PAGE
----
He contributed to civic life as an Eagle Scout, high school valedictorian and graduate of New College and Florida State University's College of Law. But to the credentialing arm of Florida's legal profession, Jose Godinez-Samperio is little more than the grown-up version of a 9-year-old whose Mexican parents overstayed their visas after entering the United States. His fight for admission to the Florida Bar captures the senselessness of America's immigration policy, and he should not be punished for the choices made by his parents.
The Board of Bar Examiners blocked Godinez-Samperio's bid to become a lawyer in Florida, ruling the 25-year-old was not qualified because of his status as an undocumented immigrant. The board's executive director maintains that non-U.S. citizens must be legal residents to qualify for Bar admission. The board has asked the Florida Supreme Court to resolve the dispute, which Godinez-Samperio's lawyer aptly characterizes as an abuse of the law and a lack of common sense.
Godinez-Samperio's story, reported by the Tampa Bay Times' Jodie Tillman this week, is one of a child whose legal limbo was not his creation. He and his family entered the country legally, and Godinez-Samperio — as any 9-year old would do — remained with his parents after their tourist visas expired. He learned English, and he distinguished himself in high school, college and law school. He has never hidden his undocumented status or lurked below the radar. He applied for and received a federal tax ID and registered for the military draft with the Selective Service System.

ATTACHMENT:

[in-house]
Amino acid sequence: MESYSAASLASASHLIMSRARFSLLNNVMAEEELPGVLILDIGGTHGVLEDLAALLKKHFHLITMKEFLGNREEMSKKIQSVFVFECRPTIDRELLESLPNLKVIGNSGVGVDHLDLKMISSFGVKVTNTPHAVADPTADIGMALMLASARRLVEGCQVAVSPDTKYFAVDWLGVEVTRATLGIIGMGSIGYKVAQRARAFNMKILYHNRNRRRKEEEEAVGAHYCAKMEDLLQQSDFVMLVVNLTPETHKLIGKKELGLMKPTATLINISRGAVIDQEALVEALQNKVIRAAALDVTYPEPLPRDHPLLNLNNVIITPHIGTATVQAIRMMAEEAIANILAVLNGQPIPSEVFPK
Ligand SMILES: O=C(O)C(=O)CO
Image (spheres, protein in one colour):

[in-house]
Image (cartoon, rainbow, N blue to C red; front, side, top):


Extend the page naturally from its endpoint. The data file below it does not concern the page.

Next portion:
Godinez-Samperio's attorney, Talbot "Sandy" D'Alemberte, a former state legislator and FSU president who once headed the American Bar Association, said the board is acting without authority and applying a rule that "is unwise and without a valid purpose." In a filing to the state Supreme Court, D'Alemberte said the board denied Godinez-Samperio's application based on a policy, not an established rule, raising constitutional questions about due process and equal protection. More practically, he argues, the board's decision denies Godinez-Samperio use of the credentials he has earned, which he could use in all sorts of ways here and abroad. His decision as a child to stay with his parents should not be used now as a mark against his character.
These are sensible arguments that highlight the ridiculousness of current immigration policy — and of state interpretations of how to balance public interests. Godinez-Samperio is a product of Florida's public school and university systems. He is the very type of young talent who could give back to his adopted homeland under the Dream Act legislation, which would provide a path toward legal residency to undocumented immigrants who enroll in college or enlist in the military. Yet this nation continues to bury its head over assimilating millions of people in whom taxpayers have already invested.
The Florida Supreme Court should see the waste and arbitrariness of allowing a law school graduate to make it this far only to be denied the full use of his achievements. And Americans, and Floridians in particular who enjoy the benefits of such a diverse state of immigrants, should recognize the costs of an immigration policy that denies millions the chance to give back to the communities where they are called friends and neighbors, fellow students and colleagues — and where they call home.